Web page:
Law360 quoted Venable partner Len Gordon in an October 4, 2012 article on the implications of The Federal Trade Commission's (FTC) recent hiring of a former U.S. Department of Justice (DOJ) chief economist to work on its antitrust investigation of Google Inc. The economist, Richard Gilbert, is an emeritus professor of economics at University of California, Berkeley who worked for the DOJ's Antitrust Division in the early 1990s.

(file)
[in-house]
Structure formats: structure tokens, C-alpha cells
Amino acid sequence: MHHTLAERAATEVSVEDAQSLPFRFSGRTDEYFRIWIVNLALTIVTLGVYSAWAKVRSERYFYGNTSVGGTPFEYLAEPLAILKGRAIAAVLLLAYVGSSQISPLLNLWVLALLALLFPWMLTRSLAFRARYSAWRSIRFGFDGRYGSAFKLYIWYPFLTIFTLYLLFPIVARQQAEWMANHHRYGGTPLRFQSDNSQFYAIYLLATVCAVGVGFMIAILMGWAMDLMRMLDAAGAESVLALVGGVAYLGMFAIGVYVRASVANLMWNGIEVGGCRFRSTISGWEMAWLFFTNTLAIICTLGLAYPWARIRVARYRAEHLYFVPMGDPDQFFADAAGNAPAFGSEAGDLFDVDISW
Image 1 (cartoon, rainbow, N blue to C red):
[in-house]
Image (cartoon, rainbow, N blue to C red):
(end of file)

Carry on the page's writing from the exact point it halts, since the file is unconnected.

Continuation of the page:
Offering his analysis of the FTC's move, Gordon said, "In matters that are likely to head to litigation or in litigation, for big cases, it's typical that they have at least one outside economist. They're either preparing for litigation or want Google to think they're preparing for litigation, or both." Gordon added that Gilbert is well qualified for the position, saying, "He's a good choice for a role like this, he has serious government credentials and he's well thought of. California Berkeley is one of the places you look for thought leaders on the intersections of antitrust and high-tech, so this makes sense as for who they hired."